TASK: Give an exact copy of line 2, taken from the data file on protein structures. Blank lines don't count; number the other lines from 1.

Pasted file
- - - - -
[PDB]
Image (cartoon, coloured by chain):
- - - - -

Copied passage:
Image (cartoon, coloured by chain):